As drivers begin to take to their vans again they’ve been warned of some of the differences between driving cars and vans which they may have forgotten.

Experts from LeaseVan.co.uk are hoping that reminding drivers about the difference in speed limit and safety mirrors might stop van drivers from being fined or given points whilst out on the road.

The top speed of vans should be 10mph less than cars when travelling on single or dual carriageways and motorways otherwise penalty points or fines could be handed out.

Ensuring drivers are used to the width and turning circles of the vehicle will also help ensure any potential accidents are avoided.

A spokesperson from LeaseVan.co.uk said: “It’s very easy when you’re used to driving a car to just jump into a van and think that everything is the same.

“However, this isn’t the case. The rules of the road are slightly different when in a van due to safety measures and the way the vehicle is built.

“Make sure you brush up on you van driving knowledge before you take to the road to help avoid any expensive fines or points.”

These are LeaseVan.co.uk ’s reminders for van drivers:

1. Speed limit

The speed limit is the same for both cars and vans when driving around residential areas. However, when vans get to single or dual carriageways and motorways, their speed limit is 10 miles per hour lower than that of cars. For single carriageways vans should be travelling at no faster than 50mph, and no faster than 60mph when on dual carriageways or motorways.

2. Rear view mirror

Vans aren’t fitted with a rear-view window or mirror, making it even more important to check wingmirrors when undertaking manoeuvres such as reversing. Wing mirrors are often fitted with two mirrors, one with the same function as a cars wing mirror and another to act as a rear-view mirror.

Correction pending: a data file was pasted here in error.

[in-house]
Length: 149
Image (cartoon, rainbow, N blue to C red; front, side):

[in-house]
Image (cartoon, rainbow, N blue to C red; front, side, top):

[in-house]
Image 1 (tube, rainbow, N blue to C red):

3. Bridge and barriers

Vans are often wider than cars, meaning that more care needs to be taken when it comes to signs stating the width of a barrier or tunnel, or the maximum load a bridge can take. The dimensions of your van should be easy to find in the vehicle’s manual.

4. Turning circle

Vans have a much larger turning circle than that of cars, so make sure you leave more space when attempting manoeuvres such as a three-point turns. Even turning a corner could need you to take a longer line. If you’re getting used to your van, take it to a quiet area such as a big supermarket car park at night to get used to the van.

5. Loading

If you plan on carrying lots of tools in the back of your van, or transporting big heavy objects, ensure it’s loaded correctly. Vans are at higher risk of becoming destabilised than cars, so ensure that heavier items are at the bottom of the vehicle. They should also be tied down so that if there is any movement internal damage won’t occur.

ENDS

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